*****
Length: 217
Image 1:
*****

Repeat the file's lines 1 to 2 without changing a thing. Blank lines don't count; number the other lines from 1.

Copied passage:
Length: 217
Image 1: